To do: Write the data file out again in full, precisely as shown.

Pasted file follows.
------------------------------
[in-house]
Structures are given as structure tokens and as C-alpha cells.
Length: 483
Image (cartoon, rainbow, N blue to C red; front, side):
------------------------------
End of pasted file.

[in-house]
Structures are given as structure tokens and as C-alpha cells.
Length: 483
Image (cartoon, rainbow, N blue to C red; front, side):